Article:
Health Plan Affordability: An employer’s health coverage is considered affordable if the employee’s required contribution to the plan does not exceed 9.5 percent of the employee’s household income for the taxable year (adjusted to 9.56 percent for plan years beginning in 2015). Because an employer generally will not know an employee’s household income, the IRS provided three affordability safe harbors that employers may use to determine affordability based on information that is available to them. These safe harbors are: the employee’s W-2 wages; the employee’s rate-of-pay income; or the federal poverty level for a single individual.



The ACA requires ALEs to report information to the IRS and to employees regarding the employer-sponsored health coverage. This reporting requirement is found in Code section 6056. All ALEs with full-time employees—even medium-sized ALEs that qualify for the additional one-year delay from the pay-or-play rules—must report under section 6056 for 2015. Determine which reporting requirements apply to you and your health plans, and start analyzing the information you will need for reporting and coordinate internal and external resources to help track the required data.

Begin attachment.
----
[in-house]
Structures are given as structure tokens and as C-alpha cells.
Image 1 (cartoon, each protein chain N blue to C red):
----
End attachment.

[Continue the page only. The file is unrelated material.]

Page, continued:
The ACA will affect employers differently—large law firms will most likely feel the “play-or-pay” approach in a very real way, while some small firms may enjoy some federal tax credits. Regardless, it is important for your firm to get a qualified benefits expert involved. The ACA is a complex piece of legislation and maintaining compliance with its requirements demands your attention.

About the Author

JohnsonWilliam W. Johnson is the founder and chief executive officer of CIBC of IL, Inc. a consulting firm specializing in group health and employee  benefit solutions. He can be reached at bjohnson@cibcinc.com or on Twitter @BILLJCIBC.